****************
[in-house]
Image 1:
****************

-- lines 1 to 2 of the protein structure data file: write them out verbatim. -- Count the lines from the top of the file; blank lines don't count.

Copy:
[in-house]
Image 1: